It was only two short years ago that the United States Men’s Under-20 team failed to qualify for the U-20 World Cup, losing to Guatemala in the quarterfinals of the CONCACAF qualifying tournament.
At the time, the loss painted a grim picture of talent development in the United States. How would the U.S. ever compete on an international level when their younger players can’t even qualify for their own World Cup? If you thought the U.S. was lagging, you would have been right.
What a difference two years makes.
In two short years, youth development has taken a new shape. It’s becoming less and less common for the U.S. to throw kids out on the field against what are essentially professionals from other countries. Some credit goes to Jurgen Klinsmann, who demanded an overhaul of the entire U.S. soccer developmental system. The rest goes to the burgeoning youth soccer programs in the U.S., including that of the MLS Academy system.
In 2008 MLS changed it’s rules to allow teams the first crack at signing players developed in their academy system. The fruits of that rule change are just now starting to be felt. Every MLS team is allowed to sign two homegrown players a season who will not count against the cap. The benefit of this rule has led teams to look towards the academy system with greater frequency for talent acquisition. They’re investing more, bringing in more players, and subjecting those players to a professional environment earlier in their development – much like the rest of the world.
In 2011, the U.S. team that took the field featured only one player developed in the MLS Academy system; Moises Hernandez from FC Dallas. It also had many other players who were in academies across the globe, but the ability to develop domestically when possible adds a stronger dimension to the coming crop of U.S. players.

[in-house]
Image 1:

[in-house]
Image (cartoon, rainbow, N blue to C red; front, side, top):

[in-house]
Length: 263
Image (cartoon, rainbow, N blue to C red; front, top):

The 2013 team had a more professional look and it should come as no surprise that many of the players who starred were Academy or homegrown products including players such as Luis Gil, Jose Villareal, Shane O’Neill, and Will Trapp. The squad also featured two players who are products of Santos Laguna’s youth system in Mexico, Benji Joya and Daniel Cuevas; the product of Mexico’s raiding of the Southwest for viable talent.
It all came together to produce a team that fought El Tri hard in the final and had more than a few breaks go against them that could have made a difference in the end result. It was an extremely encouraging display by the U.S. two years shy of their historic flop in Guatemala.
All eyes will now be on what the team does in Turkey this June and beyond.
Two years is all it took to change the look of this team, with the MLS Academies adding to the charge. The very enticing question is what will 2015 bring?